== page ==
Intelligence: North Korea Invades China

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October 18, 2006: China and North Korea have been fighting a minor war over the collection of intelligence inside North Korea. While the North Korean border is, technically, closed very tight, the border guards can be bribed, and North Korea has given up trying to stamp that out completely. So China is able to get spies (usually Chinese who are ethnic Koreans, as are millions of people in northern China) into North Korea, and use cash to recruit more North Koreans as spies, so that China will have a better idea of what is going on inside North Korea. This battle has been going on for several years, and got really serious back in 2003, when North Korean agents paid a large bribe ($300,000) to a Chinese intelligence official, to get the names of Chinese agents operating inside North Korea. The agents were rounded up, interrogated and, most of them were killed. The Chinese were not happy with this, and stepped up their intelligence efforts, bringing in some top talent to make it happen.

The Chinese now have a pretty good idea of what is happening inside North Korea, courtesy of their new agent network. In fact, the new espionage effort has worked it's way up the North Korean chain of command, to include some senior officials. This has made the North Koreans fearful that the Chinese are planning a coup. The Chinese may not be doing that, but it is known that there is a "pro-Chinese" faction within the North Korean government. This group wants to reform the economy, like China has done (and is urging the North Koreans to do). But the "royalist" (pro Kim dynasty) faction fears too much prosperity. That's because, with more wealth, would come more information about the outside world. North Koreans would thus discover how they have been royally screwed by the Kim dynasty. That might create a violent reaction, and the death or exile of the current leadership.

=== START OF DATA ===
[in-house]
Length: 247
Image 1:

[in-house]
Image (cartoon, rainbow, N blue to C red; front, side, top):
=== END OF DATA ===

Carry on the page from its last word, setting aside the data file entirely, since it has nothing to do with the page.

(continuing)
Meanwhile, the intelligence war has now gotten more violent. On October 16th, five North Korean operatives, in civilian clothes, entered China, and tried to kidnap a Chinese intelligence official from a Chinese military base near the border. There was a struggle, there was gunfire, and at least one Chinese soldier was killed. The North Koreans, who apparently failed in their "snatch and run" mission, were seeking to get names of North Koreans working for Chinese intelligence inside North Korea. "Invading" Chine to carry out this task is pretty bold, but not unusual for the North Koreans. Naturally, the Chinese are not happy. The Chinese demanded that the North Korean "raiders" be turned over, but the North Koreans refused. That enraged many senior generals in the Chinese army, who are demanding that something be done. Like revoking the "Mutual Defense Pact" with North Korea. Or maybe supporting a coup to remove the current North Korean leadership.

 


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